Much of the discussion about online games focuses on the technical issues, and that’s not surprising since the technical aspects make a game a game or a simulation and not a conventional story. But as Gotham Gazette continues its efforts to create interactive features to involve and educate New Yorkers on key policy issues, we have discovered that the reporting piece can be far more complicated than we originally imagined.
Games, at least those that entail budget numbers, carbon emissions or other figures, require a level of precision most stories simply do not. This is not to say that reporters are sloppy. But in doing a story involving numbers, we can explain differences in a narrative. Who among us who has covered demographic data has not resorted to such phrases as “statistics are available only for the entire metropolitan area,” or “numbers are not available for individual community school districts.”
When only a statewide figure on recidivism rates, say, exists, we use it, noting perhaps that New York City accounts for such and such a percentage of New York State prisoners. As an example a recent prominent graphic in the New York Times on voting patterns among different groups since 1980 noted that figures for Asian Americans only dated back the 1992 and left a blank space.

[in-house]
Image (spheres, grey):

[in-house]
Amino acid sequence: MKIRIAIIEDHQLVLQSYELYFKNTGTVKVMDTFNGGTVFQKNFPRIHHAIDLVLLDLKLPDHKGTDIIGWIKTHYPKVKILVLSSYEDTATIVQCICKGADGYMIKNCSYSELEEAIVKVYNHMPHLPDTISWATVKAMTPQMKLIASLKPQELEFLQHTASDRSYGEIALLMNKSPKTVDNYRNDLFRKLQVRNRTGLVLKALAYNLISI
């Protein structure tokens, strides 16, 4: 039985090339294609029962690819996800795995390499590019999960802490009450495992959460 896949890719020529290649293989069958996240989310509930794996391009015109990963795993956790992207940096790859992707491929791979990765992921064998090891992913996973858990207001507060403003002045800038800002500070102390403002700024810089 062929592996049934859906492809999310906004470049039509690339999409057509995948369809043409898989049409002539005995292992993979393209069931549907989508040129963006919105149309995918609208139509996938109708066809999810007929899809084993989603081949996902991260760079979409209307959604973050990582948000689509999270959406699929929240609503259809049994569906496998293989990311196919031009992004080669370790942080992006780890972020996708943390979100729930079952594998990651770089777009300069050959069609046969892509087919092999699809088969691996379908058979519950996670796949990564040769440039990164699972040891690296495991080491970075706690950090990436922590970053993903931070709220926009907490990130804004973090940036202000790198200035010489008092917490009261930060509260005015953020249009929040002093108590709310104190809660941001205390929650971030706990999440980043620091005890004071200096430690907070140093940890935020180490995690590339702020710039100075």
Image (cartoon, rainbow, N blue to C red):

Many types of games simply will not allow for that. If a game asks players to balance the budget, the revenues and expenditures they can add and subtract must all be for the same jurisdiction over the same period of time. If one number is for the county and the other for a city, the game becomes confusing and even meaningless.
Right now, we are looking to create a game on electricity use. Ample data exists but the difficulty comes in comparing it. The city projects its use looking at 2030 as an end date; the state uses 2015. The city only considers the five boroughs; the state looks at the entire state and the local electric utility, Con Ed, includes New York City and some suburban counties. Some data is pegged to peak use, others to total yearly consumption. And so on.
Other than hiring a professional numbers cruncher (a suggestion we’ve actually received), any other ideas? How have other games dealt with this? And a word of advice to those creating games: Don’t forget the reporting.